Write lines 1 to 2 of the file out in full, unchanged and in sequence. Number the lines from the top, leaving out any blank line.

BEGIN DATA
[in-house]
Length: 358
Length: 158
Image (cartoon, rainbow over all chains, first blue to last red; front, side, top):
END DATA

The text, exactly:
[in-house]
Length: 358